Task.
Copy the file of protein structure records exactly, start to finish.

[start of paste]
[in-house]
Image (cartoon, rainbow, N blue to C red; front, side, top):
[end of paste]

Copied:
[in-house]
Image (cartoon, rainbow, N blue to C red; front, side, top):